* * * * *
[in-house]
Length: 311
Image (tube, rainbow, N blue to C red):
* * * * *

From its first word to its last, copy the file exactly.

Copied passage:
[in-house]
Length: 311
Image (tube, rainbow, N blue to C red):